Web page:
By Zeb Holmes
Three students and two staff members from the Queensland University of Technology (QUT), and the University itself, could be liable for substantial damages if a case of racial discrimination against them is successful.
The proceedings arose in response to a Facebook post by student Alex Wood, which he wrote after being asked to leave a University computer room reserved for Indigenous students.
“Just got kicked out of the unsigned Indigenous computer room. QUT is stopping segregation with segregation,” he posted on a publicly accessible page called “QUT Stalker Space”.
Two other students are said to have joined in, posting phrases like “ITT N—-s”
Cindy Prior, an administrative officer in the Oodgeroo Unit at QUT’s Gardens¬ Point campus, is taking action for suffering “offence, embarrassment, humiliation and psychiatric injury¬”, as well as ongoing fear for her safety, as a result of the posts.
Ms Prior took sick-leave after the incident. She reports feeling unsafe outside her home, and is said to be unhappy that the University refused her request for a daily security guard. She reports being unable to perform her role as an administrator as a result of the stress she has suffered.
She is reported to be claiming damages in the sum of $247,570.52.
Racial Discrimination Act
Ms Prior’s action is being brought under section 18C of the Racial Discrimination Act, which states:
(1) It is unlawful for a person to do an act, otherwise than in private, if:
(a) the act is reasonably likely, in all the circumstances, to offend, insult, humiliate or intimidate another person or a group of people; and
(b) the act is done because of the race, colour or national or ethnic origin of the other person or of some or all of the people in the group.
Mr Wood’s lawyer contends that his client’s post was a factual and innocuous statement made after he had been ejected by Ms Prior “in a manner which he perceived to have been aggressive and unpleasant”. He adds, “It is not directed at any person but rather at QUT itself as a critique of their policy of mandating substantive segregation.”
Even if Ms Prior were to overcome the significant hurdle of establishing that the statements fell under the section, the students may be able to reply upon section 18D which provides an exception where “a fair comment on any event or matter of public interest is an expression of a genuine belief held by the person making the comment.”
The question might then turn to whether the University’s policy of giving exclusive facilities to one group of students is a “matter of public interest”
Complaints under the Racial Discrimination Act must go through a conciliation process before Federal Court action can be commenced. Over half of all section 18C cases are resolved during conciliation.
In the present case, it has been found that there is “no reasonable prospect of the matter being settled by conciliation” and proceedings have been filed in the Federal Circuit Court.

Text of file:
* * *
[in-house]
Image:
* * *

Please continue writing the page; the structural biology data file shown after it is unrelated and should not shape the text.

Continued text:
Criticism of Complaint
Some believe the case – and others like it – are making a mockery of section 18C, a section which should be reserved for serious cases of racial vilification rather than for persecuting those who express legitimate grievances.
The possibility of being sued for “offending, insulting, humiliating or intimidating” someone because of their “race, colour or national or ethnic origin” makes the section too broad, according to some. Indeed, the Abbott-led Federal government sought to have the section removed from the Act, describing the words as “hurt feelings.” In proposing the changes, Senator George Brandis said “It is not, in the government’s view, the role of the state to ban conduct merely because it might hurt the feelings of others.” However, the government later changed its mind in the face of fierce opposition.
More recently, the Turnbull-led Federal government has proposed to remove the words “offend” and “insult”, but keep “humiliate” and “intimidate”. The changes are yet to pass through Parliament.
It should be borne in mind that individuals are entitled to bring actions against others for a range of causes – but whether those actions are ultimately successful is another matter entirely.
Although the full facts of Ms Prior’s case are not known, if media reports are anything to go by it appears unlikely she will be able to overcome the initial hurdle of establishing that Mr Wood’s “act was done” due to Ms Prior’s race. It appears more likely it was done due to his frustration with University policy and/or with being thrown out of the computer room.
If Ms Prior were to overcome that significant hurdle, Mr Wood could potentially rely upon the “fair comment on any event or matter of public interest” exception under section 18D.
All in all, there is an argument that the current state of the Act strikes a fair balance between promoting free speech and discouraging hate speech.